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Spies of No Country

First edition (publ. Algonquin Books)

Spies of No Country: Secret Lives at the Birth of Israel is a book by Matti Friedman published in March 2019.[1][2][3][4][5][6][7]

Spies of No Country is about a pre-independence Zionist intelligence unit, the "Arab Section," that operated inside the territory of the French Mandate for Syria and the Lebanon towards the end of the British Mandate for Palestine.[1]


Spies is the story of four Mizrachi men.[1] They were not related to one another despite the fact that three of them shared a surname. They were Gamliel Cohen and Isaac Shoshan, who grew up in Syria, Havakuk Cohen from Yemen, Yakuba Cohen, from Palestine.[1][2] All four were native Arabic speakers.[1] They operated as mista'arvim, "Ones Who Become Like Arabs," but Friedman raises an interesting question, "They were native to the Arab world," Friedman writes, "as native as Arabs. If the key to belonging to the Arabic nation was the Arabic language, as the Arab nationalists claimed, they were inside. So were they really...pretending to be Arabs, or were they pretending to be people who weren't Arabs pretending to be Arabs?"[1]


Lily Meyer, reviewing the book for National Public Radio, called Spies "an important book (because) Americans are not accustomed to hearing about Israel's complexity, or its diversity. We are rarely asked to consider Israel as a country that is, as Friedman says, 'more than one thing.'"[1]

Bill Gladstone wrote that "In lesser hands, this story might not be capable of sustaining the interest of readers through more than 200 pages, but Friedman is a natural-born storyteller whose simple but compelling language, and level of insight and sensitivity, seem to anticipate and settle questions in the readers’ minds even before they arise." For example, early in the book Friedman writes that, "“The unwritten rules of espionage writing seem to require a claim that the subjects altered the very course of history, or at least of their war... This is tempting but rarely true, I suspect, and it isn’t true in the case of our spies, though their contribution to the war was significant. Their mission didn’t culminate in a dramatic explosion that averted disaster, or in the solution of a devious puzzle. Their importance to history lies instead in what they turned out to be – the embryo of one of the world’s most formidable intelligence services [the Mossad]...”[8]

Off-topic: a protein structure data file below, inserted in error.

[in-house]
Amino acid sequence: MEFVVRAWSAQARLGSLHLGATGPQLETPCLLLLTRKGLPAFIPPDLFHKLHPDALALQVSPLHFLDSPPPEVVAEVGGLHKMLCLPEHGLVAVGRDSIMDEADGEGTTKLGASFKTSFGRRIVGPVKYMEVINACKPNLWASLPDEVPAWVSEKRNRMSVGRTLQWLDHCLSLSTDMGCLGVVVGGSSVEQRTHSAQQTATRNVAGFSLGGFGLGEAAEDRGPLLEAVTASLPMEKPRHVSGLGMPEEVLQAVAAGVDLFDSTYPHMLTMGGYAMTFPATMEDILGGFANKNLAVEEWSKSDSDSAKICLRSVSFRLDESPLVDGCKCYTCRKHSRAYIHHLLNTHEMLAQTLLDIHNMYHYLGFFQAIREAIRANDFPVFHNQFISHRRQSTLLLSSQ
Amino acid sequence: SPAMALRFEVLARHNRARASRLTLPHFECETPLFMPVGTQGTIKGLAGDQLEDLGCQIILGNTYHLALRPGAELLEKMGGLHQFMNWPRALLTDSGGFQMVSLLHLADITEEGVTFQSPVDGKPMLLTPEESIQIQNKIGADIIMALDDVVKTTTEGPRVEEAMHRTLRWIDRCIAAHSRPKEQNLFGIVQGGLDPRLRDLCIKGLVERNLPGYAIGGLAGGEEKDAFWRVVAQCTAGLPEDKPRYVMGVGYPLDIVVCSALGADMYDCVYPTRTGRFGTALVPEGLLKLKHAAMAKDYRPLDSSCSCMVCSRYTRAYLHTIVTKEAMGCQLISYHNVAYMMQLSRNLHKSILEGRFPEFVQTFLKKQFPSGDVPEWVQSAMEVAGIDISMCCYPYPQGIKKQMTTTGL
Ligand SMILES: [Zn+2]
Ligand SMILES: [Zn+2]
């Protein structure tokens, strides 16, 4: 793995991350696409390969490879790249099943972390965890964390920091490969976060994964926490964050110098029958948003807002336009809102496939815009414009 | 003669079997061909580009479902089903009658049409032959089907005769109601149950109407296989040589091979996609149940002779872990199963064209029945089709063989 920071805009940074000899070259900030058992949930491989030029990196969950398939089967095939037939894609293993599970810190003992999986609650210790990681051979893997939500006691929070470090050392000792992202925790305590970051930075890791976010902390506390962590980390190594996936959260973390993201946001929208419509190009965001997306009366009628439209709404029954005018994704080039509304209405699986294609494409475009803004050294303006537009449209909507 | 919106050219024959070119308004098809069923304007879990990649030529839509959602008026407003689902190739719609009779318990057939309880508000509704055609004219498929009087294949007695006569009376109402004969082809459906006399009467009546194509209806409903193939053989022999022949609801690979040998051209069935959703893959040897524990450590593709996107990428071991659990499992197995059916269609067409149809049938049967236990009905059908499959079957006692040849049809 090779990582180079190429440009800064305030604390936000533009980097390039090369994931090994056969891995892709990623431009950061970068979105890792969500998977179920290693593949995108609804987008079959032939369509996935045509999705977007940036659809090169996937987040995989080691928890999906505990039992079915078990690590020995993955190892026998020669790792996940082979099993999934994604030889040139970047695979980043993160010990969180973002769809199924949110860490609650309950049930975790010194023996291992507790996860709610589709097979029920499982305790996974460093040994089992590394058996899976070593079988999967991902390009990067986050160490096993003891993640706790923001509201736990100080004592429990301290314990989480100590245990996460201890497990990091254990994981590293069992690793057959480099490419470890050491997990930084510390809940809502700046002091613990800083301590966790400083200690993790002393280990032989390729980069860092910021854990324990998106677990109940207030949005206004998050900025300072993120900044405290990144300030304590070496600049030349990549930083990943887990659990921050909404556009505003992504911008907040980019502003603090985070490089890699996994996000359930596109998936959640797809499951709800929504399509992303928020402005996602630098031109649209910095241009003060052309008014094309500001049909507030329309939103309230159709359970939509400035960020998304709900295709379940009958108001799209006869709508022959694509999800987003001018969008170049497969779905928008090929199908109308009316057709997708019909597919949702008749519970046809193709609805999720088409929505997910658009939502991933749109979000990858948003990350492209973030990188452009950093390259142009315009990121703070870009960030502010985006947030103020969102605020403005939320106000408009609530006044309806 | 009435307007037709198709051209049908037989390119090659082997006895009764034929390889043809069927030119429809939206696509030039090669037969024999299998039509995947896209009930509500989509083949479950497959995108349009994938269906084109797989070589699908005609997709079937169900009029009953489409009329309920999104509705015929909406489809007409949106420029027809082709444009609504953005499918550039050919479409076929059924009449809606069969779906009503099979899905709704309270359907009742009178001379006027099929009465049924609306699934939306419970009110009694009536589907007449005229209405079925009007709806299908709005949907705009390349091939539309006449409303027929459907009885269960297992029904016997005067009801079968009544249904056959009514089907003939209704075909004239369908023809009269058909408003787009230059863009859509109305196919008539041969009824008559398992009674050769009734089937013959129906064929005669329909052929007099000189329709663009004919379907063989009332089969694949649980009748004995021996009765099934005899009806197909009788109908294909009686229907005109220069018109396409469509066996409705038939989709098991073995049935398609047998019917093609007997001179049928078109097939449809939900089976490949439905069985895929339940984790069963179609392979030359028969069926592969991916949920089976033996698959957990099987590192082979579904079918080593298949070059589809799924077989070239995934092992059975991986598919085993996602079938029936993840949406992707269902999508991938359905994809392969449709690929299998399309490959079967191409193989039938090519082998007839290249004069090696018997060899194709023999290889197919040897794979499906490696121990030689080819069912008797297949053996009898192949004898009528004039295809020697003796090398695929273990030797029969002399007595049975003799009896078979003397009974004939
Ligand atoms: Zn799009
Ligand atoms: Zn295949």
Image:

In a review published in The Forward, Raphael Magarik noted that Friedman repeated Israeli propaganda throughout the book, overlooked evidence that did not support his argument, and misrepresented events. He nevertheless praised Friedman's storytelling.[9]


Spies of No Country won the 2018, pre-publication, $25,000 Nathan Book Award, a prize given by the Nathan Fund in conjunction with the Jewish Book Council to support the work of a writer whose book has not yet been published.[10]

In 2020, the book won the vine awards for canadian jewish literature for history.[11]


  1. ^ a b c d e f g Meyer, Lily (7 March 2019). "'Spies Of No Country' Offers Nuanced Understanding Of Israel's Complexity". National Public Radio. Retrieved 26 March 2019.
  2. ^ a b Shapira, Ian (22 March 2019). "The Arab-born spies who served the young state of Israel". Washington Post. Retrieved 26 March 2019.
  3. ^ Hoffman, Ari. "Spies of No Country: Secret Lives at the Birth of Israel (book review)". Jewish Book Council. Retrieved 27 January 2019.
  4. ^ "Kirkus Review". Kirkus. 11 December 2018. Retrieved 28 January 2019.
  5. ^ "Spies of No Country: Secret Lives at the Birth of Israel". Publishers Weekly. January 10, 2019. Retrieved March 4, 2019.
  6. ^ Kosner, Edward (4 March 2019). "'Spies of No Country' Review: The Dawn of Mossad (book review)". Wall Street Journal. Retrieved 9 March 2019.
  7. ^ Bascomb, Neal (22 March 2019). "The Jewish Spies Who Posed as Arabs". New York Times. Retrieved 26 March 2019.
  8. ^ Gladstone, Bill (18 March 2019). "Matti Friedman is a natural-born storyteller". Canadian Jewish News. Retrieved 26 March 2019.
  9. ^ Magarik, Raphael (8 March 2019). "A Thrilling Israeli Spy Story, But Is It Accurate? Or Moral?". Retrieved 26 November 2019.
  10. ^ "Natan Announces 2018 Natan Book Award Winner and Finalists". 15 November 2017. Retrieved 28 January 2019.
  11. ^ "Koffler Centre of the Arts - Past Shortlists & Winners". Retrieved 2023-12-26.
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Spies of No Country
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